Transit App Citymapper Launches Bus Service in London

Citymapper continues to blur the line between mobility service and transit company.

byStephen Edelstein| UPDATED Jul 20, 2017 3:06 PM
Transit App Citymapper Launches Bus Service in London

Earlier this year, transit app Citymapper launched an experimental "popup" bus service in London. Now, the company is delving even deeper into transportation, launching a full-time bus service in the British capital.

Citymapper is now licensed by Transport for London (TfL), the city's transit agency, as a bus operator, the company announced in a Medium post. That means it can now start charging customers for rides. Like the previous Smartbus experimental service, Citymapper's new bus service will operate on a fixed route, using bus stops. But the new service will use full-size buses, rather than the Mercedes-Benz Sprinter minibuses used in the Smartbus experiment.

Citymapper's first route will open to the public sometime in August or September. Buses will traverse a section of East London between 9:00 p.m. and 5:00 a.m. Friday and Saturday nights. City mapper believes this route and schedule will fill a service gap left by London's current public-transit services.

Gaps like that can be identified using the wealth of data Citymapper has accumulated through its app, which helps users track city buses. The availability of that information is what convinced Citymapper to begin running its own buses in the first place. The company believes using data in this manner can improve the experience for passengers.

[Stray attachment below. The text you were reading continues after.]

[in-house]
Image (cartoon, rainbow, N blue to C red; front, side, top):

In addition to operating on routes dictated by data, Citymapper promises that its buses will have more tech than their counterparts. Each seat will have a USB charging port, display screens will inform riders of the next stop, and drivers will receive real-time traffic information. Citymapper will also track the number of people on each bus.

However, Citymapper won't accept Oyster Cards, the ubiquitous prepaid cards that give riders access to London's other public-transit services. Instead, riders will pay with credit or debit cards, or Android Pay and Apple Pay. Citymapper has not disclosed fares yet.

Citymapper promises a bus service with features tech junkies will love, but that is still familiar enough to entice ordinary bus riders. If Citymapper's plans work out, it could also be the beginning of a new kind of mobility service that directly targets public transit, rather than taxis or privately-owned cars.